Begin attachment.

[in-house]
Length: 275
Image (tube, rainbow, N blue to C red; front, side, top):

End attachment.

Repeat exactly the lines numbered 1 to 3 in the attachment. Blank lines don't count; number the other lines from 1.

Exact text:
[in-house]
Length: 275
Image (tube, rainbow, N blue to C red; front, side, top):